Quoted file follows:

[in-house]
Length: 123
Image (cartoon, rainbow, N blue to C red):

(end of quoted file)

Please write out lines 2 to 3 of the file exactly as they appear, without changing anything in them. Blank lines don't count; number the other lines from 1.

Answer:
Length: 123
Image (cartoon, rainbow, N blue to C red):